Sunday, August 5, 2012

The one where mom and the girls visit: Thailand: Part 3

Landing in Bangkok was a bit nerve wrecking. First of all I freaked out mid-flight after I realized I was in a metal cylinder about 7-10 miles in the air going at 500 mph. Not sure why that hit me then after all the travelling I've done. It was also a bit of a bumpy flight. Turbulence and I go together like oil and water.
Obviously we landed safe and sound, got through Customs without any issues, except for a crazy woman who ran away from her handler/babysitter/warden and tried to grab a bag away from a guy in line next to us. He looked as terrified as we felt. It was probably the most exciting thing that happened on our trip. Well, aside from my sighting of a Haagen Daaz and subsequent purchase of a Dulce de Leche ice cream cup. More on that in a minute. Or thirty.
I changed money, bought a sim card, broke the sim card within the first 10 mins, fixed the sim card, patted myself on the shoulder for being able to fix my mistakes and then found a taxi service. We were tempted to use the subway system but it was also late at night and we were tired so we gave in and took a cab. I shouldn't be allowed to talk to people when I'm tired, as my family can attest to. I yelled at the cabbie in Bangkok who took us to our hotel because he refused to turn on his meter. He set the price at 400 baht and insisted on that. I insisted on getting out right there and then because I'd read and heard too much about cab drivers setting a price and swindling you. The woman at the front desk it shouldn't cost more than 300 baht to our hotel from the airport and she was part of the taxi service. He yelled and I yelled some more and finally he turned the meter on. The total fare, including airport/highway tolls, was 260 baht. That is a big ole' 'I told you so'. This is meant as advice to all readers and not as a big spotlight on my bad behavior. Stick up for what you believe in. If you feel that you're right, especially in a foreign country where the consequences mean you get ripped off or outright robbed, listen to your gut. Always. It's not a matter of being a foreigner and thinking you know better than the locals. It's a matter of staying safe. I can't emphasis that enough. I can't tell you how many times I've regretted not listening to my gut feeling about a situation.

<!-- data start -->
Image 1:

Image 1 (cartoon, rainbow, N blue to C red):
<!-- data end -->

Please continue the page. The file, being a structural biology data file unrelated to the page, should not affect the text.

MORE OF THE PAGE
Anyways, enough preaching. We decided to stay at the Renaissance Bangkok Ratchaprasong. It was without a doubt the most amazing hotel I've ever stayed in and I've stayed in some pretty nice ones. What made the experience so special was the treatment we received. We showed up with no reservations and at first they weren't the warmest. I mean they were definitely nice but once they realized we were Marriott Rewards members their attitudes completely changed. It's nice to be a member. I felt like they went out of their way to be helpful. Okay, I'm sure they do for everyone: they found us places to eat, mapped out a way for us to get around town using the rail system, 
they offered us a special tea, (which I could drink all day every day), etc. That. Bed. It was ah.mah.zing. I can't even begin to explain how amazing it really was. Note: Stay there if you can! (Marriott, if you read this and want to reimburse me for advertising I would appreciate a free stay. Just a thought.)